A General Guide To SCSI
 

What is SCSI?

The Small Computer System Interface or SCSI is an interface technology which allows you to attach a wide variety of internal and external devices to a single controller card in your computer. SCSI hardware originated as the drive interface technology of choice for high-end PCs and server computers because of its greater flexibility and faster performance. It is also well suited to create and support high speed RAID arrays.

A typical SCSI configuration consists of the following items:

  • A SCSI host adapter/controller that plugs into a slot in your computer's motherboard.

  • Internal and/or external SCSI devices (such as hard drives, CD-ROM, DVD, scanner).

  • Internal and/or external SCSI cables, SCSI terminators, and SCSI cable adapters.

One has to be careful in their selection of SCSI hardware in order to ensure proper operation. You should check your SCSI device specifications and documentation in order to look for special requirements.


There are three distinct types of SCSI signals:

  1. Single Ended (SE) Most SCSI devices use "normal" SE signalling, which limits the maximum length of a SCSI bus to 1.5m (4.9ft). This includes most 50-pin (Narrow) SCSI devices such as scanners and Zip drives.

     

  2. High Voltage Differential (HVD) (also known as "Differential") A Differential SCSI system provides reliable signalling in high noise environments over a long bus length (up to 25m [82ft]). HVD hardware cannot be mixed with other SCSI signal types. A Differential bus requires Differential terminators.

     

  3. Low Voltage Differential (LVD) A typical multimode LVD/SE SCSI system provides a moderately long bus length (up to 12m [39ft]) and downward compatibility with SE hardware. LVD-rated equipment is required for "Ultra" SCSI standards.


Types of SCSI Connectors

There are various different connector types for each sort of SCSI variant.

All the SCSI connectors can be found if you CLICK HERE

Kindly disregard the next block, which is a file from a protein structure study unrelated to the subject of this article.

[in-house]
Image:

Rules for Connecting SCSI Devices  

  • SCSI is a "bus" architecture, which means devices are connected along a line that has a beginning and an end. This cabling scheme is commonly called a "daisy chain".

  • The two extreme ends of a SCSI bus segment must be properly "terminated". A terminator is a small device designed to dampen electrical signals reflected from the ends of a cable. Termination is disabled for any SCSI device that is positioned between the two ends.

  • The SCSI host adapter (or controller) may be positioned anywhere along the bus. It must be terminated if it is positioned at the end of the bus. Many host adapters provide automatic termination.

  • 8-bit (Narrow) SCSI devices require 50-pin (or fewer) connections. Up to 7 different devices may be controlled in a Narrow bus. Narrow SCSI signals include Low Byte & Control.

  • 16-bit (Wide) SCSI devices require 68-pin connections. Up to 15 different devices may be controlled in a Wide bus. Wide SCSI signals include Low Byte & Control, and High Byte.

  • SCSI is a downwards-compatible technology. Older SCSI devices can be installed in a newer (and faster) SCSI bus segment, but overall system performance may be reduced.

  • Each device on a SCSI bus must be assigned a unique identifier (SCSI ID) which is usually set by jumper caps. The ID is independent of the device's relative position on the bus. When mixing Narrow and Wide devices on the same bus, the ID of the host adapter should be set to 7 (or less) so that the Narrow devices can recognize it.

  • 50-pin to 68-pin SCSI cable adapters usually allow Narrow devices to be used in a Wide bus. Termination of the High Byte signal must be considered if a Narrow SCSI device is positioned at the end of a Wide SCSI bus.

  • 68-pin to 50-pin SCSI cable adapters usually allow Wide devices to be used in a Narrow bus. The speed of the Wide SCSI device will be limited to that of the Narrow SCSI bus.

  • High Voltage Differential (HVD) (also known as "Differential") SCSI drives and controllers should not be mixed with other SCSI hardware. A Differential bus requires Differential terminators.

  • Low Voltage Differential (LVD) SCSI devices require LVD cables and terminators. LVD SCSI hardware should not be confused with "Differential" hardware.

  • Most SCSI devices are Single-Ended (SE), which means they use "normal" electrical signals (not HVD or LVD as described previously).